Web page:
Canadian Stage's "Lucy"I enjoyed Damien Atkins' role in Soulpepper's "The Importance of Being Ernest" last fall, and so was intrigued to see that he was the author of one of Canadian Stage's offerings this year, "Lucy". I was invaded by a little apprehension, well documented here by Richard Ouzounian, when I became aware that the play was about an autistic child.
But for me the first act worked really well; Meg Roe and Seana McKenna were utterly wonderful in their roles, and were superbly supported by the rest of the cast. Atkins' script seemed to work very well for me. It was an excellent tutorial in life around a severe autistic child, as well as drama of reasonably credible characters.
In the second act I thought Atkins wrote himself into some strange corner, and then had to summon up an 'Intervention' to get out of the corner. It meant there was no really nice dramatic resolution, but then neither should there have been in this story, I think.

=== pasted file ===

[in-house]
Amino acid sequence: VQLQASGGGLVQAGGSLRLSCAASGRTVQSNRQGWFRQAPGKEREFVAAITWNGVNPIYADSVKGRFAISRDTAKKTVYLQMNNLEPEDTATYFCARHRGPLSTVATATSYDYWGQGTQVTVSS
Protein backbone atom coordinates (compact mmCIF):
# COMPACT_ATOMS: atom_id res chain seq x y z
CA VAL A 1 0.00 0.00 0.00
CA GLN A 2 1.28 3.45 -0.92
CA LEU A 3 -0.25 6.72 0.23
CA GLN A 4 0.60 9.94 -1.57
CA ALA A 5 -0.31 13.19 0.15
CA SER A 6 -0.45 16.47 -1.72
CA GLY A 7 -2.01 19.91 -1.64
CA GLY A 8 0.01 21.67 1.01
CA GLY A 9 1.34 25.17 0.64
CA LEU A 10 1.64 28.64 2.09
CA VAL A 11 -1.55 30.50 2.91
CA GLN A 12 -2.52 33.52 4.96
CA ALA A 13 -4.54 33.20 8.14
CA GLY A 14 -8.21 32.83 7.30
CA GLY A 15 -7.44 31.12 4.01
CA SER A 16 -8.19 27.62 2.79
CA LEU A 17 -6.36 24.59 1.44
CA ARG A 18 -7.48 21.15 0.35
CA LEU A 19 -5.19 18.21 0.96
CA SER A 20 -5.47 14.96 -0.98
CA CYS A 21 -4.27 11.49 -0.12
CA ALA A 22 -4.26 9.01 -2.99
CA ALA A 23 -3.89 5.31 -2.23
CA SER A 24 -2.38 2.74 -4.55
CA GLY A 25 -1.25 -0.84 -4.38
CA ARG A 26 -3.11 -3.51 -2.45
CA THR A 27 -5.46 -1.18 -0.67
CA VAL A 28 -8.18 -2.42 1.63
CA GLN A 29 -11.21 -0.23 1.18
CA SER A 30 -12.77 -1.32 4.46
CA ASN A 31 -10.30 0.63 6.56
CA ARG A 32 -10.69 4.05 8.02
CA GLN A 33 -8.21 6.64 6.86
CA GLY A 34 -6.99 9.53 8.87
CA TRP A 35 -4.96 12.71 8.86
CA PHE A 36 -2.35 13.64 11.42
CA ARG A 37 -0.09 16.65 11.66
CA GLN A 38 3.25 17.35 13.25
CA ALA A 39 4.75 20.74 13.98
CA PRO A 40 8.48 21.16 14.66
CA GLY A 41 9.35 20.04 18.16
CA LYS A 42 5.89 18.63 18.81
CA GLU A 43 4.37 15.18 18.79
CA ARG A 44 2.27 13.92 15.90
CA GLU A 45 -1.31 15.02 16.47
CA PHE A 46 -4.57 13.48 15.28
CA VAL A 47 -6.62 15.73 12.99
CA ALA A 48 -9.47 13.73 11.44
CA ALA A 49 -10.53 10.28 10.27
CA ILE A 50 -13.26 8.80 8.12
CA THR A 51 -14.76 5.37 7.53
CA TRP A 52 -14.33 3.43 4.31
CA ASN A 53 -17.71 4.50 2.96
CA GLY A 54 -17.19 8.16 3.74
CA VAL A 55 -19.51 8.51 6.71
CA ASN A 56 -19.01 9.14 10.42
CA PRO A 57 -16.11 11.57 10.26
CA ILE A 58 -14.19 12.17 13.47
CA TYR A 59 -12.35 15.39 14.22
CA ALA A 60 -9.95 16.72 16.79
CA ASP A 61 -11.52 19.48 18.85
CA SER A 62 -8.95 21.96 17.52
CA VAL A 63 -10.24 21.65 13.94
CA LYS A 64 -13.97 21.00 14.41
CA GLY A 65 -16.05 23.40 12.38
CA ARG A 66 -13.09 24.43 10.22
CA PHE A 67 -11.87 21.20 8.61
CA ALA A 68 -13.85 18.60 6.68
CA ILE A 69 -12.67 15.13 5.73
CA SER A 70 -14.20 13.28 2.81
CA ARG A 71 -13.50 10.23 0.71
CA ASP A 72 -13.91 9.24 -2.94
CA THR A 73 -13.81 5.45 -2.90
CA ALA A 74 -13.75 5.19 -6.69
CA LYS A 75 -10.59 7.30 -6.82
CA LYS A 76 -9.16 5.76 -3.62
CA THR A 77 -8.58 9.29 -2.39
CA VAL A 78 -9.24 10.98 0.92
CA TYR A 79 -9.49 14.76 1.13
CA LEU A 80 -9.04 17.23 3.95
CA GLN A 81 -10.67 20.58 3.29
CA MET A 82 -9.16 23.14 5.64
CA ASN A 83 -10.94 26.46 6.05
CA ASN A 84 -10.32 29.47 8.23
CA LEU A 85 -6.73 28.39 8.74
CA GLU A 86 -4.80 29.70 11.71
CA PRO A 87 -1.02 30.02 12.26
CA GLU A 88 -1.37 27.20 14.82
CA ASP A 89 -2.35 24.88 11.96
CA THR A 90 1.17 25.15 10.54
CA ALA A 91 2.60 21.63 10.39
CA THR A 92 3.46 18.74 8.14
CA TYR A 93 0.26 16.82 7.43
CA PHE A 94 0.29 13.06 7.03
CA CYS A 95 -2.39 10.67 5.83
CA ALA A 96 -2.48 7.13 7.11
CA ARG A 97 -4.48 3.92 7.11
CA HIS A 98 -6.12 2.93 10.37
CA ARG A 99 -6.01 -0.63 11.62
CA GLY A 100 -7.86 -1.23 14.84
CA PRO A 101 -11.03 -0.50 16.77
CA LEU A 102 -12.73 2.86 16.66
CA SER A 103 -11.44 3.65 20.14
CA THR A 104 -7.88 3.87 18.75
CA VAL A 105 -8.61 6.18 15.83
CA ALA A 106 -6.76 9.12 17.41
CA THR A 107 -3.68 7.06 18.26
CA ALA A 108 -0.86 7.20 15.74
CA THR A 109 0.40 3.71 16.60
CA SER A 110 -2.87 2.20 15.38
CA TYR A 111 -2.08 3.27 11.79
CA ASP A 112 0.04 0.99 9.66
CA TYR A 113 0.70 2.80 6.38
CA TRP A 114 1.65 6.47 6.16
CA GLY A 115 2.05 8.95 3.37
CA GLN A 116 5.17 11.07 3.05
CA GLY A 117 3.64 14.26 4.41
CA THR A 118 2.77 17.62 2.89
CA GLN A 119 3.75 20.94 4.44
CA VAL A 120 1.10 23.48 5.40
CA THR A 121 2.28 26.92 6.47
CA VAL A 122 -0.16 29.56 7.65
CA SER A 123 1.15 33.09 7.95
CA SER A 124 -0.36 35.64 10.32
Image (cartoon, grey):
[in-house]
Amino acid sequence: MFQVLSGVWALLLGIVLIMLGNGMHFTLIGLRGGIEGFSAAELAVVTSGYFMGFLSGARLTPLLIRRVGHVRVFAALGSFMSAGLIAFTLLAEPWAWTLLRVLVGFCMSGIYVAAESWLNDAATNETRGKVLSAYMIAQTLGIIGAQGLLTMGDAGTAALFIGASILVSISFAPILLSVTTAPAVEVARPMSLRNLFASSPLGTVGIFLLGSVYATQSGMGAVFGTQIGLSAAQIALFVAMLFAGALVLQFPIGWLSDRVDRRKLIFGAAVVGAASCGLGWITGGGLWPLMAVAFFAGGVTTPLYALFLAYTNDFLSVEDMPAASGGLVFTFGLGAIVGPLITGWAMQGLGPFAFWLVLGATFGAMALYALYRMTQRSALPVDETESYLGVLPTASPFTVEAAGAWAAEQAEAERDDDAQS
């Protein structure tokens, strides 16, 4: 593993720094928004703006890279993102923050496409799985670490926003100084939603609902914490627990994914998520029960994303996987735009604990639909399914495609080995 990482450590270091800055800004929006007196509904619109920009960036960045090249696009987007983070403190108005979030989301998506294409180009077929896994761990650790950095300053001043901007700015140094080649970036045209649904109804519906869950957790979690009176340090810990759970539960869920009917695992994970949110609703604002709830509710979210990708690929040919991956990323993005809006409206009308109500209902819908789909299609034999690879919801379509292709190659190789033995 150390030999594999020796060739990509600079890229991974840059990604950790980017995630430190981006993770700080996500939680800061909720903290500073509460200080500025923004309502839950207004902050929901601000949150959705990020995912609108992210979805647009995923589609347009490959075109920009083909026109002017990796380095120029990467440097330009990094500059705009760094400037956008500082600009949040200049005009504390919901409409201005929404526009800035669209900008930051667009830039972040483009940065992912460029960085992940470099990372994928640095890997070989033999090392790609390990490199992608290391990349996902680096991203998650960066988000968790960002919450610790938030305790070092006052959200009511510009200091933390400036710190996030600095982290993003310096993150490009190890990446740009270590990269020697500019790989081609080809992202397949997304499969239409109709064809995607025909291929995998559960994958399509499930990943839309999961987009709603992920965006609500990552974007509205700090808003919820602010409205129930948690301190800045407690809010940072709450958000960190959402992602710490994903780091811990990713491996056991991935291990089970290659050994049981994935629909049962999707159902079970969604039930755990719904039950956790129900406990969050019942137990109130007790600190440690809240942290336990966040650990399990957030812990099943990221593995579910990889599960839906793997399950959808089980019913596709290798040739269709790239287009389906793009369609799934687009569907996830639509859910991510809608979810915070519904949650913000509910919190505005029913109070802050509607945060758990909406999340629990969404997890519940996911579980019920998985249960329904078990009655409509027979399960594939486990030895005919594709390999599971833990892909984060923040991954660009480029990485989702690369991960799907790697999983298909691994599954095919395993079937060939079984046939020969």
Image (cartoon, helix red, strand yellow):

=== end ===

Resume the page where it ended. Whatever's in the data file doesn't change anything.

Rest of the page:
Along the way we had some touching ruminations on what bonds parents and children, what a funny species we are, academic life and the ambition to make a great discovery, and what to do about those who do not fit comfortably into the lives we get asked to live. The play seemed wise in some ways beyond what I perceive to be the author's age. I look forward to future work from him.
The cast were supported by some very nice work with stage design and its use, and the sound design as well, which helped us a lot make the imaginative leap into a brain not like ours.